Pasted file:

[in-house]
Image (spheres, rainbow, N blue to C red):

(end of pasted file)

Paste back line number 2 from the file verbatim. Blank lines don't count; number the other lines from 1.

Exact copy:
Image (spheres, rainbow, N blue to C red):